UG by age 4.
> Another matter of language is the arbitrariness of the sign, this being
> that something that stands for something else is known by everyone. Is
> that right?
No, arbitrary signs are signs that stand for things but do not resemble
them and are not causally connected to them. If the "name" of an apple
were a picture of an apple, that would not be arbitrary because it
resembled the apple. If the "name" were the taste of the apple, it would
not be arbitrary because it was causally connected to (biting into) the
apple. The sound "apple" (or the letters A P P L E), on the other hand,
are arbitrary names for apple, because they neither resemble nor are
causally connected to apples apart from the arbitrary convention English
speakers have agreed on, to call apples "apples").
> Something is nonarbitrary when an object is used to
> represent itself.
That's the most extreme way a sign (name) can be nonarbitrary, because
nothing resembles an object (or is more closely connected with it
causally) than itself. But pictures and other cause/effect connections
are also nonarbitrary.
> This object may have specific features that others
> wouldn't know, in this way it is nonarbitrary.
No, that has nothing to do with it...
> Language works with the
> issue of the arbitrariness of the sign. Words strung together are used
> to communicate a meaning.
Yes, but why would this not work with NONarbitrary signs: Pantomime,
for example. Would that be language? If not, why not?
> If we had no knowledge of what 'things'mean
> then language wouldn't be able to communicate them.
Kid-sib says that sentence did not say anything...
> The fact that
> everyone has a concept of what things mean allow language to strive by
> universal knowledge.
Same for this sentence. What do you mean? Yes, we all agree on what to
call things, otherwise we couldn't talk. But what other point are you
> Language is needed for successful communication but is grammar?
Some grammar, no doubt. But is UG needed, rather than something much
> Pantomime copes without stringing words together in no obvious rule; it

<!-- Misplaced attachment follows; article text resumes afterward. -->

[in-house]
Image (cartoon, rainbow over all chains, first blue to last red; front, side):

> relies on mimicking (copying others' actions). This is an iconic
> strategy, this then leads to symbolism when something represents
> (stands for) something else. Symbolism then leads to a functional
> advantage of acting out ,to saying words.
This sounds like it's going in the right direction, but kid-sib doesn't
get it: First things are "expressed" through pantomime and mimicry.
Fine. They become symbolic when the signs become arbitrary. Fine. But
what are the advantages of the latter, and the limitations of the
former. (Hint: Could we have had this conversation in pantomime? Why
> Mimicking can be passed on culturally rather than biologically.
Fine, but so can arbitrary symbols, so nothing depends on this...
> One generation teaches the next to act something out.
They also teach the next how to speak, and what to call what (with the
arbitrary, nonmicking vocabulary of a natural language)
> For example, rabbits
> learn to thump the grass when something threatening like a fox endangers
> theirs and others' lives. Other rabbits show what this means by
> previous experience.
You didn't quite get the point there: Rabbit thump, say, because they
are startled. But the thump startles their offspring too, sometimes, if
they thump hard enough: If this tended to save the offspring from
danger, and the tendency to do it varied (by chance) genetically, then
the next generation would thump harder...